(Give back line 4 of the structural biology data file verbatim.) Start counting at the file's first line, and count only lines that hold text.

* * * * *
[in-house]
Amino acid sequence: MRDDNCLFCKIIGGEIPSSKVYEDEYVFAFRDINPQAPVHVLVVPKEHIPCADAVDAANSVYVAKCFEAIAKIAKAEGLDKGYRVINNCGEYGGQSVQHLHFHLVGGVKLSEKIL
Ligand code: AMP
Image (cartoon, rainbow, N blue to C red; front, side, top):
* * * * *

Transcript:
Image (cartoon, rainbow, N blue to C red; front, side, top):